Cybercrime has been a fact of life since the 1970s when techies first discovered ways of accessing free long distance telephone calls by modifying the software of the Bell Telephone Company. Since then, cybercrime is a phenomenon that’s been on the rise. Factors such as increased use of the internet, remote working and automation have all contributed to a growth in cybercrime. Here we look at why cybercrime is increasing day by day, the common types of cybercrime, and how to protect your business against the latest threats.
As technology has progressed, and our reliance upon it has escalated, so in turn cybercrime has intensified. This is especially apparent during the pandemic, with a 31 per cent increase in cases during the peak of the crisis in 2020, and police data revealing that almost 3,500 UK businesses fell victim to cyber scams between September 2019 and September 2020, 1,740 of those occurring during lockdown.
There are various reasons why businesses have become more vulnerable to cybercrime during COVID-19, most of them being connected to the rise in remote working. With control environments relaxed, and processes and procedures perhaps not so strict, criminals have taken the opportunity to target the gaps left in cyber security.
Even without the pandemic, the past five years have seen multiple data security breaches of significant proportions reported in the media. For this reason, it is vital that businesses of all sizes and across all sectors prepare to spot and respond to cyber threats.
What are the most common methods of cybercrime?
Cyber criminals are constantly on the trail of finding new methods of exploiting vulnerabilities, which is why it is vital to approach cyber security with an open attitude to keeping up to date and on top of all the latest threats.
Some of the most common cyber threats include:
Phishing – cyber criminals send emails or text messages purporting to be from a trusted source, requesting that the recipient clicks a link and enters personal data which is then used to gain access to financial resources or commit identity fraud.
Social engineering – unscrupulous individuals manipulate people to gain access to confidential and sensitive information.
Spam – emails or texts sent in bulk enticing the recipient to click on a link or open an attachment which then installs malware onto their device.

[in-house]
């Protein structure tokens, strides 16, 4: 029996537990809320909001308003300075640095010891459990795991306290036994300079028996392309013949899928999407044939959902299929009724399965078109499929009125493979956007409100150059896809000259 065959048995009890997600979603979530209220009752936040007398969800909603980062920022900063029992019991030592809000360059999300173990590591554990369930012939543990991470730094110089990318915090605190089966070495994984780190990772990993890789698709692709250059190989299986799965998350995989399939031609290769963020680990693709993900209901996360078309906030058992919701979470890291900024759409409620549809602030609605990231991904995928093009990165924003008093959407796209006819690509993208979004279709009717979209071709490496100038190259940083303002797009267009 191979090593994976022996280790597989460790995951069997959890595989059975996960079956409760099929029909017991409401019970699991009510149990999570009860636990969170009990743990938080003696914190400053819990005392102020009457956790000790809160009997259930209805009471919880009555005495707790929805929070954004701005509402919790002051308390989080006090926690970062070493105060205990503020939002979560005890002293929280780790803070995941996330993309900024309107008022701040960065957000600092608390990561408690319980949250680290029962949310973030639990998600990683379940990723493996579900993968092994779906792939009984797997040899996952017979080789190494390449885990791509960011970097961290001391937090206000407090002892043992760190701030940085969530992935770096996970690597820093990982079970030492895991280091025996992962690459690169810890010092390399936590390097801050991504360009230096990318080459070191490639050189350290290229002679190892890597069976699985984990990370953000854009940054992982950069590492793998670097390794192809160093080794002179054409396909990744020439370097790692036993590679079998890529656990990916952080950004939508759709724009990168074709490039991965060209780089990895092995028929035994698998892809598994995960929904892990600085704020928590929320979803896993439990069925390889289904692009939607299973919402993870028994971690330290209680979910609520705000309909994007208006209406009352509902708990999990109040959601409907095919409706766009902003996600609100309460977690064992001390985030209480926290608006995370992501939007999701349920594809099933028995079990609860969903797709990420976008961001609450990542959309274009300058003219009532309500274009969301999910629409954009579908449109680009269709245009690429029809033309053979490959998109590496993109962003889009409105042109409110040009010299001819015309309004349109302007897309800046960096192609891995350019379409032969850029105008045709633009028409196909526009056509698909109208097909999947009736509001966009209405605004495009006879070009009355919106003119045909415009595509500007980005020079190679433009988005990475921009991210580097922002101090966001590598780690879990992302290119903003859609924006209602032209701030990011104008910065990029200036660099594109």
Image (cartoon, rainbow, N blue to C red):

Malware and ransomware – malicious software designed to disrupt networks, in some cases blocking access to data and systems until a ransom is paid.
Whaling – the targeting of those in senior positions, either for financial gain or access to sensitive information.
Island hopping – the use of a supply chain and third parties to target larger or more intricate organisations.
How prevalent is cybercrime?
So says cyber security organisation Mimecast, phishing or email scams are the most widespread type of attack, with human error and lack of awareness often responsible for security breaches. Cyber security should therefore be looked upon as a company-wide responsibility, with every member of the organisation subscribed to doing whatever they can to combat it. In other words, not just leaving it for the IT department to deal with.
Technology market research company Vanson Bourne conducted a survey in conjunction with Mimecast, which revealed that:
- 30 per cent experienced an increase in identity/impersonation fraud during the first 100 days of the COVID-19 pandemic
- 31 per cent experienced data loss due to lack of resilience and awareness
- 52 per cent experienced an enforced halt to operations as a result of an attack
- 58 per cent experienced an increase in phishing attempts
- 60 per cent experienced an increase in identity/impersonation fraud
The Information Commissioner’s Office (ICO) has issued a host of high profile significant fines since the General Data Protection Regulation (GDPR) came into force. Furthermore, in March 2020, the UK government reported that 50 per cent of businesses had suffered a cyber breach or attack over the past year.
It is clear that cybercrime is a massive threat to business. The attack itself is one thing, but the financial, material and reputational damage can be nothing short of devastating.
How to combat the threat of cyber-attacks?
There are various good cyber security habits that can protect against cyber threats. A robust cyber strategy is crucial. Education and support for staff should form a core aspect of any cyber risk management strategy, with awareness campaigns essential company-wide, making everyone aware of why cyber security is important, and how to report a cyber attack.
Expert cyber security support from PC Docs
Here at PC Docs we offer a comprehensive package of cyber security solutions, all of which can be personalised to suit your individual business needs and cyber risk assessment.
From anti-malware and adware systems, to firewall and antivirus setup and management, internet and spam filters and email scanning software, our services cover the entire spectrum of cyber threats. We also offer tailored guidance on good cyber security practice.
To learn how we can help safeguard your organisation against all the latest cyber threats, you are welcome to get in touch.